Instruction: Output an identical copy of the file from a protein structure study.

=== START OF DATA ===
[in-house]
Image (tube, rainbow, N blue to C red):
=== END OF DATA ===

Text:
[in-house]
Image (tube, rainbow, N blue to C red):